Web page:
Ivanka Trump has been a fixture of her father’s campaign since day one, and taking on an unprecedented role inthe Trump administration. Following her father’s presidential victory, Trump took official leave from the Trump Organization and moved her family to Washington DC, presumably because of her husband Jared Kushner’s role as a senior adviser in the White House. However, while she claimed that she would not be seeking a formal role in her father’s administration — which would be a nepotism violation — it is reported that Ivanka has secured a West Wing office.
Although Trump has denied in the past that he wanted security clearance for his children, Ivanka will reportedly be given clearance and official White House communication devices later this week. While she will not be given a title or a salary or be sworn in, Ivanka appears to be an unofficial full-time staffer who, according to Trump attorney Jamie Gorelick, will “serve as the president’s ‘eyes and ears’ while providing broad-ranging advice, not just limited to women’s empowerment issues.”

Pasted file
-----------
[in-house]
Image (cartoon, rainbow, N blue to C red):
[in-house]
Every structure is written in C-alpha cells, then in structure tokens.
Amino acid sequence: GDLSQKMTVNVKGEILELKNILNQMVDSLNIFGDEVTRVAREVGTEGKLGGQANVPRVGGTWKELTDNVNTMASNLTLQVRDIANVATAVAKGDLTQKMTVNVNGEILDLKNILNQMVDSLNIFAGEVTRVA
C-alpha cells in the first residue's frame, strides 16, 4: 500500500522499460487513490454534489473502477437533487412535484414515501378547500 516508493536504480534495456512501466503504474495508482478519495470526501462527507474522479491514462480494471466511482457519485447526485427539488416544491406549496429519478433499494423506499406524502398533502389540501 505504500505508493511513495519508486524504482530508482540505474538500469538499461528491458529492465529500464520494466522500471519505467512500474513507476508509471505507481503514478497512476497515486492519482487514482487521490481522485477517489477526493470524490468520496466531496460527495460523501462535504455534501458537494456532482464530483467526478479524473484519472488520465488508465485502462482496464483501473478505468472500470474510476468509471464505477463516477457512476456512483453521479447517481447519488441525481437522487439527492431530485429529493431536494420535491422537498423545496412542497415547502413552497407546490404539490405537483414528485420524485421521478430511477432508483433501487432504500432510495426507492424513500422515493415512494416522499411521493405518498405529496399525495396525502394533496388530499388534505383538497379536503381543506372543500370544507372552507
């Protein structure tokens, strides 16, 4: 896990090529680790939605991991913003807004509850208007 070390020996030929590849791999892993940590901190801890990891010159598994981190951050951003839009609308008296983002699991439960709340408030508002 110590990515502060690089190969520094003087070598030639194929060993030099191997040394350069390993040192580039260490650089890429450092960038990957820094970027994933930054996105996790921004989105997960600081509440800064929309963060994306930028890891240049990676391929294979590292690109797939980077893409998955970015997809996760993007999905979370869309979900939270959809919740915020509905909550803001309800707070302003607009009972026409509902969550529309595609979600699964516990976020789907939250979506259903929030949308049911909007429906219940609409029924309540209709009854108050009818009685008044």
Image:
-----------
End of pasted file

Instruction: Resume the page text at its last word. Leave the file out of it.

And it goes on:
Gorelick concedes that this is “new ground” for a presidential administration, but says that “the conservative approach is for Ivanka to voluntarily comply with the rules that would apply if she were a government employee, even though she is not.” However, this does raise a number of ethical red flags, especially regarding conflicts of interest. While Trump and Kushner have unloaded as much as $36.7 million in common stock and investments in order to meet the ethical demands of their new federal placement, Ivanka will still own her own business. While she cannot sell due to licensing rights and the expansion of clients, she will be pulling away from a number of the duties previously required.
With the ever growing Ivanka Trump brand, is simply stepping away from a majority of business dealings enough to satisfy those raising concerns over ethics? Norm Eisen, the former ethics czar under Obama, doesn’t seem to think so, saying “You might be inclined to view this differently and more generously if the White House had shown a stronger commitment to ethics enforcement.” Either way, it’s another questionable move by an administration already plagued by accusations of scandal.